We have all succumbed to the temptation to keep on clicking, even after the pump has stopped, indicating that our gasoline tank is full. If we could just squeeze a bit more into the tank, some extra miles, would that not be worth it? But when all the facts are taken into consideration, that extra gallon is probably not worth the negative effects on the vehicle, the environment, or our pocketbooks. After some research I found that all US market automobiles have a closed-circuit system to trap and later burn fumes from the gas tank. The repeated process of topping the tank with too much gasoline can result in a check engine light, a failed emissions test, and costly repairs. Overfilling your tank feeds gas vapors from the pump back into the station’s tank to prevent those vapors from escaping back into the environment, so you are actually paying the gas station to take some of their fuel back, not to mention the mess created when the gas drizzles down the fender of the car and onto your shoes.
So filled to the brim is not always the best scenario, unless we are speaking of a life. When Abraham, man of faith and father of the nation of Israel, ends his earthly pilgrimage, this epitaph is written concerning him: “Then Abraham gave up the ghost, and died in a good old age, an old man, and full of years; and was gathered to his people.” The original Hebrew text can be translated an old man and full. When Abraham breathed his last breath and entered eternity, he was full. Not only had he lived for 175 years, but he had gained a wealth of valuable life-lessons along the way. At the youthful age of 75, Abram “departed out of Haran,” left all he knew, and followed God’s leading, looking for that city whose “builder and maker was God.” He had a lapse in faith and “went down to Egypt,” but returned to land of promise, interceded for a wayward nephew, plunged into a second marriage in an attempt to help God fulfill His promise of an heir, endured God’s silence for years, then finally shared with his dear wife the joy of the birth of Isaac, the “son in his old age.” He would willingly offer that son back to God, only to learn that Jehovah-jireh would “provide himself a lamb.” In sorrow he would bury Sarah and in prudence he would responsibly dispose of all that he had to his heirs.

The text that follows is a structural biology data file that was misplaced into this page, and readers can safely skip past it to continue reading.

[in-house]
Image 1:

Abraham faced trials that grew his character; he triumphed and suffered defeats, but at the end of his days he was satisfied and ready to be “gathered” home for a blessed heavenly reunion. He had successfully run his race and was ready to go home. That’s a testimony I would love to have at the end of my days.
II Timothy 4:6 I have fought a good fight, I have finished my course, I have kept the faith:
Lord, I want to fight the good fight, run a faithful race, and be ‘full of days.’ Help me to live my life filled to the brim with devotion to You.<div class='sharedaddy sd-block sd-like jetpack-likes-widget-wrapper jetpack-likes-widget-unloaded' id='like-post-wrapper-164683012-2442-6391e90417fc2' data-src='https://widgets.wp.com/likes/#blog_id=164683012&post_id=2442&origin=wp.blog.blog.grandmasgleanings.com&obj_id=164683012-2442-6391e90417fc2' data-name='like-post-frame-164683012-2442-6391e90417fc2' data-title='Like or Reblog'><h3 class="sd-title">Like this:</h3><div class='likes-widget-placeholder post-likes-widget-placeholder' style='height: 55px;'><span class='button'><span>Like</span></span> <span class="loading">Loading...</span></div><span class='sd-text-color'></span><a class='sd-link-color'></a></div>